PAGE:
Long-term success

James A. Schafer, an attorney for 42 years, has been affiliated with Muncie partnerships since 1981 and currently is in the partnership of Painter & Schafer. He wanted a practice in a smaller city after working for years in Indianapolis.

“You have to get along personally, and your have to have similar thoughts in terms of how to practice,” Schafer said. Like others, he observed that a legal partnership is like a marriage, though he quipped that in law firms, “opposites do not attract.”

Schafer said younger attorneys who are thinking about starting a partnership owe it to themselves to gain some practical experience. He urges young lawyers to take a case to trial to gain experience and not to rely too much on email and social media, which he believes can foster incivility. “Get out and meet people,” he advised. “You’ll get more done.”

Even agreements between unofficial partners need to see things the same way, said Fort Wayne attorney Dan Roby. Unlike formal partnerships, Roby has shared office space and expenses with attorneys over the years, first as Roby & Hood and currently with Tom Manges as Roby & Manges.

“We have no written partnership agreement whatsoever,” Roby said, though attorneys in the office do share liabilities under common malpractice coverage. It’s an amicable arrangement where case-sharing duties and expectations are clear from the beginning, he said. Roby believes more attorneys should consider such arrangements.

“Even sharing office space is a marriage of a sort, and you’ve got to be compatible partners,” Roby said. “You’ve got to be confident that your fellow so-called partner is competent and responsible enough that he or she is not going to get you into trouble.”

Johnson said people embarking on a partnership also have to be prepared to share personal and financial information with their perspective partners. “Let them know where you are in life so you both know where you’re trying to go,” he said.

Tate and Bowen, meanwhile, already have returned to McKinney to share their experience with students and let them know that with a plan, they will be in a position to shape their futures. Tate said it’s a message that resonates in a weak legal job market.

“More people should do it and shouldn’t be afraid to try it,” he said.•


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  1. I think the cops are doing a great job locking up criminals. The Murder rates in the inner cities are skyrocketing and you think that too any people are being incarcerated. Maybe we need to lock up more of them. We have the ACLU, BLM, NAACP, Civil right Division of the DOJ, the innocent Project etc. We have court system with an appeal process that can go on for years, with attorneys supplied by the government. I'm confused as to how that translates into the idea that the defendants are not being represented properly. Maybe the attorneys need to do more Pro-Bono work

  2. We do not have 10% of our population (which would mean about 32 million) incarcerated. It's closer to 2%.

  3. If a class action suit or other manner of retribution is possible, count me in. I have email and voicemail from the man. He colluded with opposing counsel, I am certain. My case was damaged so severely it nearly lost me everything and I am still paying dearly.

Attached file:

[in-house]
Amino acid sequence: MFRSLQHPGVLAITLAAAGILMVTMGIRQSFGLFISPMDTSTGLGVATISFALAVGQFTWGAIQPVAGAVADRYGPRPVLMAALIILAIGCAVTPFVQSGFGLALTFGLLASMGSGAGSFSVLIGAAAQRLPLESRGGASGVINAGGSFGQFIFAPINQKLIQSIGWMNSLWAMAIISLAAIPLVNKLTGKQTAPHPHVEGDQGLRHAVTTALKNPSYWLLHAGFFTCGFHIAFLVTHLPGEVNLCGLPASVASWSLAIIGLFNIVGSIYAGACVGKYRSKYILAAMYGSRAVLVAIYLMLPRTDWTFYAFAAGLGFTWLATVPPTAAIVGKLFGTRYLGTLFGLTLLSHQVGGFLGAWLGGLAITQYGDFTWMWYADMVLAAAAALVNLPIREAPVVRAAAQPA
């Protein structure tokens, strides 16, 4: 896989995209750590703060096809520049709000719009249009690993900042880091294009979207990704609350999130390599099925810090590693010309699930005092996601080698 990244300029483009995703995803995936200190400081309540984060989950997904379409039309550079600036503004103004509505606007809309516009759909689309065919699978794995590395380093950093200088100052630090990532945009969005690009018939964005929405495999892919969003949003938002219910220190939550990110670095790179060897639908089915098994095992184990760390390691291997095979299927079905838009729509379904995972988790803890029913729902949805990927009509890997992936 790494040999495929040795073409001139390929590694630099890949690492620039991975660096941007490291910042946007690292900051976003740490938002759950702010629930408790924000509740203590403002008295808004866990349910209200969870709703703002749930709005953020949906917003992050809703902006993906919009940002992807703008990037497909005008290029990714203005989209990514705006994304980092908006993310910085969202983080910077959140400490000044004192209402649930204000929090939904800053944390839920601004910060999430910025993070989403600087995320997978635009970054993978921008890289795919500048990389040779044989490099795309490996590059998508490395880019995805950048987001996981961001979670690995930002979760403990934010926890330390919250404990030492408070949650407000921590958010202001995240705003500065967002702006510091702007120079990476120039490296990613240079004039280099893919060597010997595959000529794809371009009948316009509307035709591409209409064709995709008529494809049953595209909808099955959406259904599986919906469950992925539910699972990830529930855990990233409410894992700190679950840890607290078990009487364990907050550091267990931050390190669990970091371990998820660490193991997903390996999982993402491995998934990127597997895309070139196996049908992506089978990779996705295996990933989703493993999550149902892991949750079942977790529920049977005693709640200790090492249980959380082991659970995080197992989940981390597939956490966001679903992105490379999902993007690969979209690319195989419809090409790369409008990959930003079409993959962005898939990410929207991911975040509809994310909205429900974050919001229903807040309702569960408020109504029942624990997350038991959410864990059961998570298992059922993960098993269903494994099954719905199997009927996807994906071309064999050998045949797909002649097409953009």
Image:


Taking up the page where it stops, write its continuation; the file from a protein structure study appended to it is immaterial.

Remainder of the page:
4. There's probably a lot of blame that can be cast around for Indiana Tech's abysmal bar passage rate this last February. The folks who decided that Indiana, a state with roughly 16,000 to 18,000 attorneys, needs a fifth law school need to question the motives that drove their support of this project. Others, who have been "strong supporters" of the law school, should likewise ask themselves why they believe this institution should be supported. Is it because it fills some real need in the state? Or is it, instead, nothing more than a resume builder for those who teach there part-time? And others who make excuses for the students' poor performance, especially those who offer nothing more than conspiracy theories to back up their claims--who are they helping? What evidence do they have to support their posturing? Ultimately, though, like most everything in life, whether one succeeds or fails is entirely within one's own hands. At least one student from Indiana Tech proved this when he/she took and passed the February bar. A second Indiana Tech student proved this when they took the bar in another state and passed. As for the remaining 9 who took the bar and didn't pass (apparently, one of the students successfully appealed his/her original score), it's now up to them (and nobody else) to ensure that they pass on their second attempt. These folks should feel no shame; many currently successful practicing attorneys failed the bar exam on their first try. These same attorneys picked themselves up, dusted themselves off, and got back to the rigorous study needed to ensure they would pass on their second go 'round. This is what the Indiana Tech students who didn't pass the first time need to do. Of course, none of this answers such questions as whether Indiana Tech should be accredited by the ABA, whether the school should keep its doors open, or, most importantly, whether it should have even opened its doors in the first place. Those who promoted the idea of a fifth law school in Indiana need to do a lot of soul-searching regarding their decisions. These same people should never be allowed, again, to have a say about the future of legal education in this state or anywhere else. Indiana already has four law schools. That's probably one more than it really needs. But it's more than enough.

  5. This man Steve Hubbard goes on any online post or forum he can find and tries to push his company. He said court reporters would be obsolete a few years ago, yet here we are. How does he have time to search out every single post about court reporters and even spy in private court reporting forums if his company is so successful???? Dude, get a life. And back to what this post was about, I agree that some national firms cause a huge problem.